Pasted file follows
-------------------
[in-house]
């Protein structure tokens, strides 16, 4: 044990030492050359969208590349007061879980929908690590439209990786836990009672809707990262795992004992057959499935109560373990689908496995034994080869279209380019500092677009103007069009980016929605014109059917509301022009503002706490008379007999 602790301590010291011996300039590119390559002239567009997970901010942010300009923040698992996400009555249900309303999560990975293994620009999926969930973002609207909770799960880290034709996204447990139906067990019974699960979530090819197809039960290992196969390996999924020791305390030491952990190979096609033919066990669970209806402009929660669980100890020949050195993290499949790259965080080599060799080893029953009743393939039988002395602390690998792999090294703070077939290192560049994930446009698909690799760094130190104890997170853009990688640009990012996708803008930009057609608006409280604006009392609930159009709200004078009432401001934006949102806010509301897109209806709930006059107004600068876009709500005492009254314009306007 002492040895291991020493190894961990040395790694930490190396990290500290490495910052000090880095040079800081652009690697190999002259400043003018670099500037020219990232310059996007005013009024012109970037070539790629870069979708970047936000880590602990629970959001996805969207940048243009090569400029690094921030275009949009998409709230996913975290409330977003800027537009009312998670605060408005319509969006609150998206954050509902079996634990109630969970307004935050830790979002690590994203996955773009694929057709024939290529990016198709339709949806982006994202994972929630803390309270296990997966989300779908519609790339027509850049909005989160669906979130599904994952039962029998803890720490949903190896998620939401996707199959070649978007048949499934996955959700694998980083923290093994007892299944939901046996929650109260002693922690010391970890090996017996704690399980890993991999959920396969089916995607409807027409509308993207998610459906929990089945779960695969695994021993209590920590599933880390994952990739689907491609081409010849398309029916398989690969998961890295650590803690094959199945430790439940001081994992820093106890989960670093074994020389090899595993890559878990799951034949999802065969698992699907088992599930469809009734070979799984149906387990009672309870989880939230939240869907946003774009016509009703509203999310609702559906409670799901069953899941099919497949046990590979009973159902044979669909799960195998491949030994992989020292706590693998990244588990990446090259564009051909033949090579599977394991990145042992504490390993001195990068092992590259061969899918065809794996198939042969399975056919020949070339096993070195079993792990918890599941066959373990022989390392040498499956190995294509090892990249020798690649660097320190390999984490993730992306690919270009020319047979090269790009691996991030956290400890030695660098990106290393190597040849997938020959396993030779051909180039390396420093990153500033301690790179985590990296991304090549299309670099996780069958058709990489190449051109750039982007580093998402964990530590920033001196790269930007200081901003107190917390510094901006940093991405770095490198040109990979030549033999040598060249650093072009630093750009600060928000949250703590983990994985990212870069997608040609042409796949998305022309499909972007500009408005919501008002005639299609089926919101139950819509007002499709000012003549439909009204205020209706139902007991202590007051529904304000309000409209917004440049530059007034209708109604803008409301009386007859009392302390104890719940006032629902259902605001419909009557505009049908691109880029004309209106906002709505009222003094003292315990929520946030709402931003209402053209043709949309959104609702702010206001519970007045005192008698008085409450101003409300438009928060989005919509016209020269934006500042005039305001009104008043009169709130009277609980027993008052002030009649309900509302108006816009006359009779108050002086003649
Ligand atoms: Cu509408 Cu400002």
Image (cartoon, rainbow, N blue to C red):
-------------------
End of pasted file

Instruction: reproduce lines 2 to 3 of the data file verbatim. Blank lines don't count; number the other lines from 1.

């Protein structure tokens, strides 16, 4: 044990030492050359969208590349007061879980929908690590439209990786836990009672809707990262795992004992057959499935109560373990689908496995034994080869279209380019500092677009103007069009980016929605014109059917509301022009503002706490008379007999 602790301590010291011996300039590119390559002239567009997970901010942010300009923040698992996400009555249900309303999560990975293994620009999926969930973002609207909770799960880290034709996204447990139906067990019974699960979530090819197809039960290992196969390996999924020791305390030491952990190979096609033919066990669970209806402009929660669980100890020949050195993290499949790259965080080599060799080893029953009743393939039988002395602390690998792999090294703070077939290192560049994930446009698909690799760094130190104890997170853009990688640009990012996708803008930009057609608006409280604006009392609930159009709200004078009432401001934006949102806010509301897109209806709930006059107004600068876009709500005492009254314009306007 002492040895291991020493190894961990040395790694930490190396990290500290490495910052000090880095040079800081652009690697190999002259400043003018670099500037020219990232310059996007005013009024012109970037070539790629870069979708970047936000880590602990629970959001996805969207940048243009090569400029690094921030275009949009998409709230996913975290409330977003800027537009009312998670605060408005319509969006609150998206954050509902079996634990109630969970307004935050830790979002690590994203996955773009694929057709024939290529990016198709339709949806982006994202994972929630803390309270296990997966989300779908519609790339027509850049909005989160669906979130599904994952039962029998803890720490949903190896998620939401996707199959070649978007048949499934996955959700694998980083923290093994007892299944939901046996929650109260002693922690010391970890090996017996704690399980890993991999959920396969089916995607409807027409509308993207998610459906929990089945779960695969695994021993209590920590599933880390994952990739689907491609081409010849398309029916398989690969998961890295650590803690094959199945430790439940001081994992820093106890989960670093074994020389090899595993890559878990799951034949999802065969698992699907088992599930469809009734070979799984149906387990009672309870989880939230939240869907946003774009016509009703509203999310609702559906409670799901069953899941099919497949046990590979009973159902044979669909799960195998491949030994992989020292706590693998990244588990990446090259564009051909033949090579599977394991990145042992504490390993001195990068092992590259061969899918065809794996198939042969399975056919020949070339096993070195079993792990918890599941066959373990022989390392040498499956190995294509090892990249020798690649660097320190390999984490993730992306690919270009020319047979090269790009691996991030956290400890030695660098990106290393190597040849997938020959396993030779051909180039390396420093990153500033301690790179985590990296991304090549299309670099996780069958058709990489190449051109750039982007580093998402964990530590920033001196790269930007200081901003107190917390510094901006940093991405770095490198040109990979030549033999040598060249650093072009630093750009600060928000949250703590983990994985990212870069997608040609042409796949998305022309499909972007500009408005919501008002005639299609089926919101139950819509007002499709000012003549439909009204205020209706139902007991202590007051529904304000309000409209917004440049530059007034209708109604803008409301009386007859009392302390104890719940006032629902259902605001419909009557505009049908691109880029004309209106906002709505009222003094003292315990929520946030709402931003209402053209043709949309959104609702702010206001519970007045005192008698008085409450101003409300438009928060989005919509016209020269934006500042005039305001009104008043009169709130009277609980027993008052002030009649309900509302108006816009006359009779108050002086003649
Ligand atoms: Cu509408 Cu400002």